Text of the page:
And Carolyn Noble, founder of Ames Design Collective as well as product developer and trend forecaster, strongly embrac-es the opportunity of the nook. “It’s great to be able to put in a luxury home office, but what do you do in a mid-town apartment?” the designer asks. “We can create a nook-a countertop with stor-age that can be used as a place to craft, to do school, a space of quiet and tranquility. This will be important for a while.”
Flooring plays an important role as homeowners establish multi-function spaces. “One room may serve as a study for the kids during the day but a yoga studio at night,” says Kerrie Kelly, creative director of Kerrie Kelly Design Lab and ASID fellow and National Board chair. “With hardwood flooring and an area rug underfoot, this is an easy transition.”
Interestingly, the pandemic embrace of the home may be as much a function of psychology as it is pragmatics. “There’s been a fundamental shift in what home means to American buyers. People are realizing more than ever the fragility and expiration of life. They’re steadfast and determined to turn their residential dreams into reality. We see them chasing a feeling, one that is good, safe and permanent,” said Scott Acton, CEO of Las Vegas–based Forté Specialty Contractors, in a recent Builder Online article.
Tom Stringer Design Partners has a reputation for finishing projects on time and on budget. “Design gets a bad rap for things being over time and budget, especially in a Covid world,” says Cialone. “We understand the parameters and work within them. Sometimes we are a little practical, which is a funny thing in this business.”
One thing Cialone does not appreciate are products that imitate other materials. “I’m a purist in this respect,” he says.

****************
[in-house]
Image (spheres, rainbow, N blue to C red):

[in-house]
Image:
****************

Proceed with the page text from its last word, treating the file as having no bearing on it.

While high-end design may once have been about establish-ing a showplace of the home, to-day’s professionals have a strong conviction to create designs that serve the client’s lifestyle and in-crease their joy and ease of living. That means spaces in which a cli-ent, their children, grandchildren, friends, pets and guests can live freely, without fear of damaging the finishes.
It’s a noteworthy theme among the designers with whom we spoke and much more important in driving de-sign that contemporary trends. “Every client is different,” says Franklin. “My approach isn’t about what’s in or what’s out but about what the client and their family need. What problem am I here to solve to make their living experience better?”
Cialone agrees with the approach, adding, “We would never be a firm that, for instance, doesn’t do French Country. We’re very client-centric. We do a lot of research and get to know the client and the vernacular of the location. The design has to be about the client, the location and the architecture-we push boundaries from there. Many of our clients have multiple residences, and it’s important that they all function the same way, so we use the same lighting systems and the same ap-pliances to make living simpler and build a sense of place.” Cialone, who spent his formative years and early career in South Florida, adds with a laugh, “Even if every design we’re hired to do has a tropical coast theme, it’s still about the client. We have no formulas.”
Kelly seeks to satisfy what may seem like somewhat compet-ing needs with her flooring choices and to create a space that fits the client’s life. “We recently worked with a family whose home we had originally designed 12 years ago,” explains the Sacramento, California-based designer. “Unfortunately, over the Fourth of July, their home burned down, and they came to us to rebuild it. With three daughters who are now teenagers and a dog named Pupcake, we were able to address their life-style in a whole new way. The finishes for this project became of the upmost importance-not only did they need to be beautiful, they needed to be durable.” Kelly specified porcelain tile and hardwood throughout the home. Her go-to hardwood purveyors for the “California-casual style” and long-wearing performance are Carlisle Wide Plank Floors and DuChateau.